Sustainable Consumption and Production: New Value Creation Models on the Rise

Are you a prosumer? You most probably are – if you have ever grown a tomato on your own, repaired your bike or mended your own clothes. Most of us are not even aware that we take part in active value creation every day! And we do this for good reasons – whether as a hobby, for financial savings or a sense of responsibility for future generations. Indeed, as our ProMoNa project has shown: prosumption holds major sustainability potentials – if done right.

A growing part of our society want a more personal, trustful and sustainable way of production and consumption. Many people miss these aspects in our conventional markets and are motivated to participate in alternative value creation models which offer participation and empowerment. There are consumers who engage in production (e.g. community based agriculture or DIY), in marketing (bloggers), in food distribution and waste management (foodsharers) and in recycling or upcycling (repair cafés). Consumers are engaging in every step of the supply chain and, by doing so, become what we call “prosumers”.

Many of these prosumption patterns are turning into distinct organisations, i.e. they are institutionalised at a local level (and beyond). They are changing the method of production but also of doing business in general!

These different value creation models actually hold a considerable sustainability potential if the members consider five core principles, the 5Cs of sustainable prosumption:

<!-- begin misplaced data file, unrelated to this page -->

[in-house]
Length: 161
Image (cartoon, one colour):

1. Community: Prosuming together with others not only saves money, but also time and resources and is therefore more sustainable than doing it alone.
  2. Consistency: The longer we participate in a prosumption acitivity, the more we are able to integrate it into our daily life routines and become “better” in it regarding resource, time, and cost savings.
  3. Close Proximity: Rebound effects may occur if we, for example, participate in a Community Based Agriculture initiative, but have to go there by car. This is why prosumption should take place close by – which, of course, also includes proximity and community created through the internet.
  4. ReCycling: Using what already exists, is more sustainable than acquiring new resources for prosumption. This is why reparing or upcycling is more sustainable compared to other DIY activities.
  5. Coordinate: Following a clearly defined and structured value creation model helps with the organization of a stable community. If each member knows what he has to do, if there is a clear cost model and a focused communication strategy, the model is more likely to succeed in the long term.

The ProMoNa project ended in February 2019. If you like to read more about it and our findings, have a look at our publications (only in German):

Also, we would be happy to learn more about your interests and thoughts with regard to sustainable prosumption.

Please contact Imke Schmidt for further questions.


Photo by rocknwool on Unsplash